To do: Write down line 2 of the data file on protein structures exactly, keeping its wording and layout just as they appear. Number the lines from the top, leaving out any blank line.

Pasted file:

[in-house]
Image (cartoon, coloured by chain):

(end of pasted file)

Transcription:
Image (cartoon, coloured by chain):